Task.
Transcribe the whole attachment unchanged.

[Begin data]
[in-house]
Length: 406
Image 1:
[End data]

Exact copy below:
[in-house]
Length: 406
Image 1: